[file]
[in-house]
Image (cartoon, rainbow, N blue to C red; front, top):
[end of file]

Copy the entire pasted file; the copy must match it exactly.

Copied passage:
[in-house]
Image (cartoon, rainbow, N blue to C red; front, top):